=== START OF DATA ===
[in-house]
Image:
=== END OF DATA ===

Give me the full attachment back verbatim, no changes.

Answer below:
[in-house]
Image: